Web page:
Commencement 2021: URI draws on diverse talent, resources to provide graduates with great experience

In-person URI Commencement ceremonies to be held May 21-23

Media Contact: Dave Lavallee, 401-874-5862 |

KINGSTON, R.I.–April 19, 2021 — Meade Stadium, home to University of Rhode Island football, will play a starring role, and the show couldn’t go on without URI Health Services. The Inner Space Center at URI’s Graduate School of Oceanography will play a critical supporting role and so will the Custodial Services team.

As it has for the last year and a half during the COVID-19 pandemic, the University is relying on its ingenuity, expertise and teamwork to give the class of 2021 memorable, in-person commencement ceremonies that start Friday, May 21, and end Sunday, May 23, at Meade Stadium.

All participating graduates will dress in traditional regalia, have their names announced, cross the stage and have professional photographs taken. To maintain the health and safety of the URI community, in-person celebrations will be limited to graduates only.

“As we have throughout the pandemic, URI has again marshaled its talent, resources and determination to put together this unique, exciting and safe celebration for our graduates,” President David M. Dooley said. “I have said throughout this crisis that the students, faculty and staff, and all they have done to keep us going with in-person classes and student activities, have made me incredibly proud. And now, as we prepare to celebrate this crowning moment at the conclusion of this profoundly different academic year, our entire community is showing again how much it cares for and invests in our students. Congratulations to all.”

The ceremonies will be streamed on the web for family and friends and recordings of all ceremonies will be posted to the commencement website.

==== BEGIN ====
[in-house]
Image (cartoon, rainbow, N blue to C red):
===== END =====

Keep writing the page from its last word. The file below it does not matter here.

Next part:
The virtual main ceremony, which will include the keynote address by Mona Hanna-Attisha, M.D., M.P.H., degree conferrals by Dooley and Provost Donald H. DeHayes, the undergraduate student speech, and other traditional elements, can be viewed on the Commencement website throughout the weekend.

The in-person ceremonies, which will include brief speeches by the respective college deans, will be held rain or shine. Here is the commencement schedule:

Friday, May 21

  • Graduate School, 10 a.m.
  • College of Nursing, 3 p.m.
  • College of Engineering, 6 p.m.

Saturday, May 22

  • College of Health Sciences, 10 a.m.
  • Alan Shawn Feinstein College of Education and Professional Studies, 3 p.m.
  • College of Business, 6 p.m.

Sunday, May 23

  • College of Arts and Sciences, 10 a.m.
  • College of Pharmacy, 3 p.m.
  • College of the Environment and Life Sciences, 6 p.m.

“I don’t believe a University of Rhode Island outdoor athletic venue has ever been the centerpiece of our commencement ceremonies,” said Shana Greene, director of University Events and chair of the campus-wide Commencement Committee. “Our beautiful Quadrangle has been the traditional home of Commencement, but this year we needed something with more controlled access to keep our students, faculty and staff safe. The new and improved Meade Stadium, with its contrasting patterns of dark and Keaney Blue throughout the facility, has television-quality lights. The stadium will be adorned with academic banners and historic flags. It will be a striking setting for this historic weekend.”